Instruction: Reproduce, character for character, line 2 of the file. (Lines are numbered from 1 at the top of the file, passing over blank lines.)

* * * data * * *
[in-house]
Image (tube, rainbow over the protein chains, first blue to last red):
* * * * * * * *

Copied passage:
Image (tube, rainbow over the protein chains, first blue to last red):